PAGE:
Editor’s Note: This is the final article in a series previewing 2014 high school graduates from the Post Register’s coverage area.
A total of 330 graduating seniors at Madison High School received their diplomas Thursday at the Brigham Young University-Idaho Center in Rexburg.
Following are profiles of two graduating seniors handpicked by school administrators.
Five years ago, Amanda Vu was new to the United States and struggling to learn English.
But that didn’t stop Vu from earning her diploma. The 17-year-old was Madison High School’s salutatorian, graduating second in her class.
So, what was the secret behind her academic success?
Her attitude and willingness to work hard.
That work ethic impressed Madison High School counselor Elisa Gee.
“She came into the counselor’s office after she started school here and asked us to put her in any advanced or honors classes that were available,” Gee said. “Amanda is a hard worker and has been very proactive with her education.”
When Vu was 12, her parents left Vietnam for the U.S. Vu’s knowledge of English was limited at best.
“In Vietnam, I took some English classes, but I wasn’t fluent,” Vu said. “I only knew really basic things, like ‘Hello,’ and ‘How are you?’ — I couldn’t really carry on a conversation.”
Although Vu studied English four hours a day, she said it took her two years before she considered herself fluent.
“My parents signed me up for English classes when we moved to the U.S., but I learned a lot on my own,” Vu said. “I really had to learn to speak English if I wanted to be able to socialize with anyone.”
Vu said she also was motivated by the atmosphere that Advanced Placement classes offer.
“When I’m in AP classes, I’m surrounded by smart kids,” she said. “When I see them doing well on assignments, or learning a new concept, it makes me want to push myself harder.”
In addition to acclimating to a new country, and learning a new language, Gee said Vu had to overcome another obstacle.
“She had to deal with some family issues last year that caused her to miss some school,” Gee said. “Her mom lives in California, and last year, Amanda had to go stay with her for a while. During that time, she was emailing with teachers and submitting assignments online. She took the initiative in staying on top of things.”
And Vu plans to continue her education this fall.
“I’m going to attend the University of Idaho,” she said. “I want to major in chemical engineering and minor in math. After college, I’d really like to spend some time doing volunteer work in developing countries.”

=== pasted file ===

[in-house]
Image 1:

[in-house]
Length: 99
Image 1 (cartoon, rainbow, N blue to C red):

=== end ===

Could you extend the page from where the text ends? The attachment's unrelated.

As most of his classmates were making summer vacation plans last year, Rhett Jensen was planning a battle strategy — to beat cancer.
The 18-year-old was diagnosed with the disease in May 2013. Despite some absences from school to undergo treatment, Jensen managed to graduate with his Madison High School classmates Thursday.
“I was diagnosed with a form of cancer called osteosarcoma, ” Jensen said. “Doctors found a peach-sized tumor in the bone on my right knee. I was undergoing treatment until January of this year.”
For eight months, Jensen made regular trips to Utah, undergoing six rounds of chemotherapy and a surgery. Doctors had to replace Jensen’s diseased knee with an artificial one.
“For a while, I didn’t think I was going to be able to graduate on time,” Jensen said. “One day, I told myself ‘No, I’m going to make it. I’m going to graduate this year.’ Teachers and counselors at school were willing to work with me to help me make it.”
Throughout the surgery and treatment process, Jensen’s mother, Sundee Jensen, said her son kept a positive attitude.
“When the doctors told us they thought it was cancer, Rhett looked at me and said ‘Regardless of whether this is cancer or not, it’s not going to change my life. I’m still going to live my life and everything will be OK.’ Sundee Jensen said. “That really set the precedent for his attitude during all of this. Early on, emotionally I was a mess. But Rhett kept a good outlook through it all.”
Today, four months after finishing his chemotherapy, Jensen said things are looking good.
“I still go for checkups every few months,” he said. “All of my scans are looking good, the cancer hasn’t come back. I’m still a little low on my energy levels, but besides that, everything is good.”
Jensen plans to work on his family’s farm until August, when he will begin college.
“I’m going to go to Idaho State University,” Jensen said. “I don’t know what I’ll major in yet. If things are still looking good after my first year at ISU, I’m going to go on an LDS mission.”